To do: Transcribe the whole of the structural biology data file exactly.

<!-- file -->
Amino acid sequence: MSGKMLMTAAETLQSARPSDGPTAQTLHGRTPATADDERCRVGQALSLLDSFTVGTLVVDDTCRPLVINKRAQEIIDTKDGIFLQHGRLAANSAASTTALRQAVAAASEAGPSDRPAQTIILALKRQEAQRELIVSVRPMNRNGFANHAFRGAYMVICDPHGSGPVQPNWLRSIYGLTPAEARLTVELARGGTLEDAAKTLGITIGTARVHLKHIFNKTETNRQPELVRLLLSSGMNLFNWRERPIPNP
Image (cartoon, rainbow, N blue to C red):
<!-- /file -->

Amino acid sequence: MSGKMLMTAAETLQSARPSDGPTAQTLHGRTPATADDERCRVGQALSLLDSFTVGTLVVDDTCRPLVINKRAQEIIDTKDGIFLQHGRLAANSAASTTALRQAVAAASEAGPSDRPAQTIILALKRQEAQRELIVSVRPMNRNGFANHAFRGAYMVICDPHGSGPVQPNWLRSIYGLTPAEARLTVELARGGTLEDAAKTLGITIGTARVHLKHIFNKTETNRQPELVRLLLSSGMNLFNWRERPIPNP
Image (cartoon, rainbow, N blue to C red):